By Ricardo Mayol-Bracero
Since October 16, an exodus of Hondurans men and women of all ages shook the American continent. I approached the Honduran migrants in Guatemala City, wanting to serve them and understand why they leave their country in this way in masse, why women with children and entire families and why the United States. From that first approach I wrote a reflection that is in this link: https://internationalministries.org/migrantes-hondurenos/?preview=true.
I understood that I had to delve into my understanding of this mass migration, and I accepted the invitation to Honduras extended to me by Sister Karen Gómez, leader of the ecumenical women of Honduras and of the Christian Church Agape, to participate in the Mesoamerican Forum Alba in Movements and be with the Christian Church Agape. Without hesitation, from October 25 to 28, I went to Honduras, and I heard from Hondurans themselves what is behind their exodus.
In the Mesoamerican Forum Alba in Movements, which was held at the National Autonomous University of Honduras in Tegucigalpa, 425 people from Mexico, Guatemala, El Salvador, Nicaragua, Colombia, Brazil and Honduras participated in 12 work groups. I participated in the tables, Militarization and Violations of Human Rights and Church and Grassroots Christian Movements. From what I heard in them and from the readings I acquired through them, I share with you a word that I hope clarifies my concerns about the Honduran exodus. The Honduran migrants are bringing out of the darkness into the full light of day atrocious and shameful acts and the actors and accomplices who pushed them out.
Being in Honduras, I realized that the military-business-religious-media-imperial coup of January 28, 2009 to the then president Manuel Zelaya, is a fundamental fact for understanding this human exodus. Evaluating previous and the subsequent acts to this blow, we find light that answers the question: why do Hondurans leave the country in masses to the United States? Honduran walkers unmask the failed model of the country that was imposed on their land. Their steps underpin what needs to be repaired in Honduras and point out those responsible for the setbacks suffered that demand reparation. Their footprints demand that truth, justice and love embrace and kiss so that there be peace; as requested in Psalm 85:10.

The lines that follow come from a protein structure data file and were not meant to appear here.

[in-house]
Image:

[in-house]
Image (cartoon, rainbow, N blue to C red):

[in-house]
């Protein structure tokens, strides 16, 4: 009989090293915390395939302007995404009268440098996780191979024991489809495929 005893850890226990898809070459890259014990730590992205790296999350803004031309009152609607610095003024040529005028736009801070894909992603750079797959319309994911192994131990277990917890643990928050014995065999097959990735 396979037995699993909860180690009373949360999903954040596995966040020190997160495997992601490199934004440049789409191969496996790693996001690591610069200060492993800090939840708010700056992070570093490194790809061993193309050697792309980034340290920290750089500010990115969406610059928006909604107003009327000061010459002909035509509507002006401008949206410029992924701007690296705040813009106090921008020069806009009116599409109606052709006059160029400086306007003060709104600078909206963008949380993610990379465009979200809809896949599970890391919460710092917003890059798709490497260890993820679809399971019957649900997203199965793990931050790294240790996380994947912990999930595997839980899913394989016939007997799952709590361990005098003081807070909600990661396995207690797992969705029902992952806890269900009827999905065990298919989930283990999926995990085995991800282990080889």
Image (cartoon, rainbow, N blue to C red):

On Sunday, October 28, 2018, at the Agape Christian Church, Pastor Juan Pablo preached and shared the idea of the following story that clarifies the pain of Honduras.
In a village not far away, where a foreign cacique dominated, lived a woman named Honduras. She was a suffering and fighting single mother with many children. She was the 5th of 4 sisters and a younger brother who had also suffered the mistreatment of the foreign cacique and the tyrant lackeys under his command.
Honduras was forced to marry one of those lackeys. He beat her, abused her and contributed nothing to the support of her and her children. He, rather, took her belongings and land inherited from her father and grandfather to deliver them to the foreign cacique.
Their children grew up without education, health, and an opportunity to excel in their mother’s small and arid ranch.
One day, tired of so many abuses, they decided to go to the hacienda of the cacique. They said, to get something to support our mother and brothers we are going. Watching them leave the cacique ordered his lackey, stop them, but he could not hold them. They were determined to show everyone their father’s oppression. They left, and their aunt Guatemala helped them and their uncle-grandfather Mexico, too. During their journey the lackeys of the cacique, without caring for their people, hurt the walkers with tear gas and many abuses. But the sons and daughters of Honduras, free of lackeys and cacique, shouted their pain.
I wrote 3 reflections of my visit to Honduras to clarify this tangled Honduran situation; and I ask you, please, to think with me and together we join strengths that accompany the Honduran people. These are the titles and links of my meditations:
Keep up with me, please.